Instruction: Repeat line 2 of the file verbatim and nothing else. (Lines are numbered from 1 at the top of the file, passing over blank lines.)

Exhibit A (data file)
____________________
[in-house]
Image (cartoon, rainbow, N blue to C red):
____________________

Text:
Image (cartoon, rainbow, N blue to C red):